Changes in store

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President Trump signed an executive order Friday that directs the Treasury Secretary, in part, to begin a review of the Dodd-Frank Act. Although there are no immediate changes proposed, the review will undoubtedly result in changes to financial oversight.

Many will agree some of the changes in the bill, which took several years to evolve, have been beneficial to buyers of real estate. It introduced new accountability for lenders to provide good-faith estimates of loan fees that now need to match the actual fees collected at the closing of a real estate transaction. The new closing statements are easier for consumers to read and understand. Some say the act has restricted the types of loans that may be better for consumers than those currently available.

According to Realtor magazine:

“Americans are going to have better choices and Americans are going to have better products because we’re not going to burden the banks with literally hundreds of billions of dollars of regulatory costs every year,” Gary Cohn, White House National Economic Council director, told The Wall Street Journal. “The banks are going to be able to price product more efficiently and more effectively to consumers.”

President Trump is to order a sweeping review of the Dodd-Frank Act rules, which will include a close look at how the government supervises big financial firms that aren’t traditional banks, Cohn said. Existing regulations under Dodd-Frank have made it too difficult for banks to lend and has limited consumers’ choices of financial products. Paraphrasing Cohn; the Trump administration also is planning to overhaul mortgage finance giants Fannie Mae and Freddie Mac, which have remained under the government conservatorship since the financial crisis.

Fannie Mae and Freddie Mac are government-sponsored companies that participated in the mortgage crisis. They may have even made it worse. But they didn’t cause it. They did get caught up in the banking practices that created it.

The Dodd-Frank Act created the Consumer Financial Protection Bureau to monitor lending practices to prevent another mortgage crisis that led to the collapse of the housing market. Banks and hedge funds made so much money selling mortgage-backed securities, they soon created a huge demand for the underlying mortgages. That’s what caused mortgage lenders to continually lower rates and standards for new borrowers.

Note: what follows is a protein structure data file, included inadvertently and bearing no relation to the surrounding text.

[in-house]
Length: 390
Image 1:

Subprime borrowers are those who have poor credit histories and are therefore more likely to default. Lenders usually charge higher interest rates to provide more return for the greater risk. Generally, that makes it too expensive for many subprime borrowers to make monthly payments.

Perhaps the act needs another look since banks now have greater reserves than ever before. Some believe these reserves will prevent another meltdown. We hope we have all learned that some regulation is necessary. No one wants to repeat the financial mess and housing crisis of 2008. Changes will be made but caution is needed.

Trust an expert…call a Realtor. Call your Realtor or visit www.cdarealtors.com to search properties on the Multiple Listing Service or to find a Realtor member who will represent your best interests.

Kim Cooper is a real estate broker and the spokesman for the Coeur d’Alene Association of Realtors. Kim and the association invite your feedback and input for this column. You may contact them by writing to the Coeur d’Alene Association of Realtors, 409 W. Neider, Coeur d’Alene, ID 83815 or by calling (208) 667-0664.

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